Bosnia is no model for Ukrainian peace

20 October, 2014

Written by:
  • Emil Ahmagić
Bosnia is no model for Ukrainian peace

An unfortunate narrative has captured the discourse on the crisis in Ukraine, as political solutions to end the conflict and Russian incursion are sought. Many commentators have ruminated that a ‘Dayton-style solution’ or the ‘Bosnian model’ be implemented in Ukraine as a means to end the violence and embrace decentralized, regional based federalism where Kiev could not impose their will on the ethnic Russians in the east, while maintaining a still ostensibly unified Ukrainian state.

On paper, a Dayton-style agreement sounds quite reasonable, as Dayton did end the conflict in Bosnia-Herzegovina in 1995. Yet the institutional failures of the Dayton agreement are still felt in Bosnia-Herzegovina today. The fundamental problem with the Dayton agreement is its privileging of ethnic differences as intractable and as the most salient dimension of political life, and thus that institutions should always reflect these (and only these) ethnic differences to prevent “domination” of one ethnic group over another.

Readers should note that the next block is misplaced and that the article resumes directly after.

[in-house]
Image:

In practice, this leads to a consociational governmental system that stagnates and is not capable of responding to the evolving needs and perspectives of citizens, while making even moderate changes to the political system implausible. By locking a state into exclusionary ethno-territorial politics, the possibility for future change, growth, and responsive political institutions is largely lost. By implementing the Bosnian model in Ukraine, the Ukrainian people would be condemned to defining their political identity in the same exclusionary ethnic terms for the foreseeable future.